# Section2.1Basic notions

We begin with some of the most fundamental definitions and examples. While these definitions are stated for real functions, many of them extend quite easily to other contexts.

##### Definition2.1.1

Let $x_0\in\mathbb R$ be an initial point and define a sequence $(x_n)$ recursively by $x_{n+1} = f(x_n)\text{.}$ This sequence is called the orbit of $x_0$ under iteration of $f\text{.}$

Some orbits don't move; they are fixed.

##### Definition2.1.2

A point $x_0 \in \mathbb R$ is a fixed point of $f$ if $f(x_0)=x_0\text{.}$

##### Definition2.1.3

Suppose that the orbit $(x_n)$ satisfies

\begin{equation*} x_0 \to x_1 \to x_2 \cdots \to x_{n-1} \to x_0 \end{equation*}

and $x_n=x_0\text{.}$ Such an orbit is called a periodic orbit and the points themselves are called periodic points. If $x_k \neq x_0$ for $k=1,2,\ldots,n-1\text{,}$ then $n$ is called the period of the orbit.

Note that a fixed point is a periodic point with period one.

Sometimes, the orbit of a non-periodic point might land on a periodic orbit.

##### Definition2.1.4

If the zeroth term $x_0$ of an orbit $(x_n)$ is not periodic but $x_n$ is periodic for some $n\text{,}$ then $x_0$ and its orbit are called pre-periodic.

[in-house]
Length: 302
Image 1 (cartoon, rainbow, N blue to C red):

##### Example2.1.5

Let $f(x) = x^2-1\text{.}$ Then zero is a periodic point and one is a pre-periodic point, as the reader may easily verify.

To find a fixed point, we can simply set $f(x)=x$ and solve the resulting equation. In this case, we get

\begin{equation*} x^2-1=x \: \text{ or } \: x^2-x-1 = 0. \end{equation*}

We can then apply the quadratic formula to find that

\begin{equation*} x=\frac{1\pm\sqrt{5}}{2} \end{equation*}

are both fixed.

Often, it helps to express these ideas in terms of composition of functions. We denote the $n$ fold composition of a function with itself by $f^n\text{.}$ That is, $f^2 = f\circ f$ and $f^n = f\circ f^{n-1}\text{.}$ (Be careful note to confuse this with raising a function to a power.) A more complete understanding of periodicity arises from the study of the functions $f^n\text{.}$ For example, a point $x_0$ has period $n$ iff $f^n(x_0)=x_0$ but $f^k(x_0)\neq x_0$ for $k=1,2,\ldots,n-1\text{.}$